- compensation for any special damages sustained as a result of the discrimination, including litigation costs and reasonable attorney's fees.
Under the Texas Whistleblower Act, Tex. Gov’t Code §§ 554.001 et seq., a state or local governmental entity may not suspend, terminate or take other adverse personnel action against a public employee who in good faith reports a violation of law by the employing governmental entity or another public employee to an appropriate authority.
A public employee whose employment is suspended, terminated or subjected to an adverse personnel action in violation of the Texas Whistleblower Act is entitled to sue for:
- injunctive relief
- reinstatement to the employee's former position or an equivalent position
- compensation for wages lost during the period of suspension or termination
- reinstatement of fringe benefits and seniority rights lost because of the suspension or termination
- actual damages
- court costs and reasonable attorney fees
Timing is Critical! If you have been fired, demoted or otherwise harassed by your employer for speaking out regarding Texas Medicaid Fraud, contact the Medicaid Fraud Hotline immediately and find out how to proceed with your case.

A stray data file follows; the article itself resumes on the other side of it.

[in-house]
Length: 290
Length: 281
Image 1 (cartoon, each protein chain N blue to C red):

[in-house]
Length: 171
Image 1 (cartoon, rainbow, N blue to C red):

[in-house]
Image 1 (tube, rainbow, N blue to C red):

What Cash Awards Are Paid for Reporting Texas Medicaid Fraud?
Under the Texas Medicaid Fraud Prevention Act (TMFPA), Tex. Hum. Res. Code Ann. §§ 36.001 et seq., if the Texas Attorney General opts to intervene in the lawsuit, whistleblowers are eligible to collect between 15-25 percent of the state’s total recovery. If the Attorney General declines to join the action, the whistleblower may proceed with a private legal team and stands to receive between 25-30 percent of the state’s total recovery.
Whistleblowers are also entitled to receive an amount for reasonable expenses, reasonable attorneys’ fees, and costs that the court finds to have been necessarily incurred.
Are There Time Limitations on Reporting Texas Medicaid Fraud?
Under the Texas Medicaid Fraud Prevention Act (TMFPA), Tex. Hum. Res. Code Ann. §§ 36.001 et seq., an action must be brought:
- Within 6 years of the alleged false claim OR,
- Within 3 years after the date when the facts material to the case should have been known, BUT
- Within a maximum of 10 years of the alleged false claim – whichever occurs last.
Under the Texas Whistleblower Act, Tex. Gov’t Code §§ 554.001 et seq., a public employee who seeks relief must file a claim within 90 days of the date on which the alleged retaliation occurred or was discovered by the employee through reasonable diligence.
3 Easy Steps to Help you Decide
Whether You Should Report Medicaid Fraud
If you have information regarding Texas Medicaid Fraud, contact the Medicaid Fraud Hotline or fill out the online report form.
Government Awards Over $1 Million for Information on Medicaid Fraud